Generally, the customs service and/or border police attempt to apprehend contraband at the point of entry. Once it has entered the country, it is typically up to domestic law enforcement such as the police to locate the criminal. I believe in some places there is a special "financial police" that also handles crimes such as tax evasion which may be involved.
Fentanyl is a controlled substance so that particular example would probably fall under the purview of a specialized drug agency. Customs still attempts to check incoming goods, and if any of them aren't lawful, they detain them. But this is a somewhat passive approach. The drug agency will actively track down incoming shipments and try to intercept them based on prior knowledge.
It is typically more a concern of the recipient country, because many countries have a great interest in keeping things out. Thus they devote substantial resources towards it. With contraband such as drugs, countries have slightly less of an interest in preventing it from leaving. After all, if it leaves, it becomes someone else's problem. Right?
Not really. Consistent poor control of exports can damage international relations. It can also support domestic criminals who gain income from the export. It creates crime in the originator country and corruption in the border service. For this reason, exports are less controlled only in the sense that they have second priority to imports - otherwise they are very important.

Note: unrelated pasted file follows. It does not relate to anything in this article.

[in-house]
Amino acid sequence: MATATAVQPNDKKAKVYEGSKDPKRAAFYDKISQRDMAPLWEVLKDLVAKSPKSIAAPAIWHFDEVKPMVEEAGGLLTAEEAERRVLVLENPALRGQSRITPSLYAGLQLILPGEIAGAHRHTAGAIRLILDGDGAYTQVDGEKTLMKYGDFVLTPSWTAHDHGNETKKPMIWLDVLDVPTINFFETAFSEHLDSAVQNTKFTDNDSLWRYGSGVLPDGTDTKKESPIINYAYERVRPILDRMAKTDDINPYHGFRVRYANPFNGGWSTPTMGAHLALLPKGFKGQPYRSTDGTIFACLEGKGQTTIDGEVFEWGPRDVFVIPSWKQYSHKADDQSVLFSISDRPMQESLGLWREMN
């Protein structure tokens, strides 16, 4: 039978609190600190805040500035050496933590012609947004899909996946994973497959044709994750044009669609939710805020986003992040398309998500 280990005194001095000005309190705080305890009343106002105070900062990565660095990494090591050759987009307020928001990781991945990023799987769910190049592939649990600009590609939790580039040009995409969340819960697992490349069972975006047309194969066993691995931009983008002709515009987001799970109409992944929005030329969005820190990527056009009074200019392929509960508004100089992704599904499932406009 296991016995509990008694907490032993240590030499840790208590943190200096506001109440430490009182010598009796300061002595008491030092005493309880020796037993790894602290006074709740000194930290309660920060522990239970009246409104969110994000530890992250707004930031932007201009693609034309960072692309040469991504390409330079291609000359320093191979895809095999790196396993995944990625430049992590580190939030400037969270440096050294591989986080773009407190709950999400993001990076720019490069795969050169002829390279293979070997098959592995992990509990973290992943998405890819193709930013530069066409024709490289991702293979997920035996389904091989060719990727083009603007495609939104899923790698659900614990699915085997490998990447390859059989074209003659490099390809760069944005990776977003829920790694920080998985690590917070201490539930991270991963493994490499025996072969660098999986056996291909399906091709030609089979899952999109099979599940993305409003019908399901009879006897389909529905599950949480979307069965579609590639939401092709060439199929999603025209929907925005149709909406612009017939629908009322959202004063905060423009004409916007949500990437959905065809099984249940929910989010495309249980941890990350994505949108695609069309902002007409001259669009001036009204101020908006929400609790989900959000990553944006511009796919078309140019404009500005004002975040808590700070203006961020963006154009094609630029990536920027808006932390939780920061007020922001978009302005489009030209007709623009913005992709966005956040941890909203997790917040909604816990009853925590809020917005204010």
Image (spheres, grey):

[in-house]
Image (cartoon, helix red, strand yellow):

Also certain specific classes of goods, such as historical artifacts, rare animals or their parts, currency, valuable stolen items, are obviously very important to prevent from leaving. For these, the authorities will tightly control the exports.
I think that in many cases where drugs (or any contraband really) go from country A to country B it is not an accident they go from country A. It is probably because country A is where it's easiest to produce them in bulk. Countries that generally have poor rule of law would be the top candidates. Whereas country B is one with a market for it, so one with wealthy people. Wealthy countries tend to have strong rule of law. So you have a trend where originator countries are usually much less orderly than recipients to begin with. Maybe this creates the impression that originators do not do as much, or do not have as much responsibility, if they do not do more to stop the flow of contraband. Rather, it's the other way around.